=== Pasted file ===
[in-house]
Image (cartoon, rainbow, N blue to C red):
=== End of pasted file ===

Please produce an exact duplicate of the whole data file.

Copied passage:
[in-house]
Image (cartoon, rainbow, N blue to C red):